Volume 86, Number 3

June 2011

A Modified Caremark Standard to Protect Shareholders of Financial Firm from Poor Risk Management

Alec Orenstein

The recent collapse of the world financial system exposed excessive risk taking at
many of the largest financial services firms. However, when shareholders of
Citigroup sued the board of directors alleging that the board failed to adequately
monitor the firm’s risk exposure, the Delaware Chancery Court dismissed the suit
under the famous Caremark case. Caremark held that a board’s failure to monitor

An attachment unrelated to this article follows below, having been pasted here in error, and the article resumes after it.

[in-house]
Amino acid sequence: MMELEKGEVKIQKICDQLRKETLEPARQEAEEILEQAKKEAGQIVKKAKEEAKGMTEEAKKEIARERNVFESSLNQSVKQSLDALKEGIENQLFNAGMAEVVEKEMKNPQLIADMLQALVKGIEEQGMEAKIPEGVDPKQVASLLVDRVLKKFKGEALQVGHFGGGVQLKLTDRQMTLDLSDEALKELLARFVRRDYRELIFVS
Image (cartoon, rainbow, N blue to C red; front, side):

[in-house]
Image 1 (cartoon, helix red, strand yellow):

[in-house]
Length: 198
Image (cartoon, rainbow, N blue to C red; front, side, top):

will not result in liability unless there was a failure to implement a monitoring
system or a “sustained or systematic” failure to use that monitoring system. This
deferential standard is premised on an assumption that managers are risk averse
and the law should encourage risk taking. However, certain characteristics of financial
firms make such firms more prone to risk taking and more susceptible to catastrophic
losses resulting from that risk taking than other firms. In this Note, I argue
that Caremark should be reworked in cases involving managers of financial firms
in order to deter the excessive risk taking that caused such massive losses to shareholders
of these firms recently. This standard should take the form of a gross negligence
standard that allows the court to take a close look at whether management
took the necessary steps to prevent their firm from being exposed to excessive risk.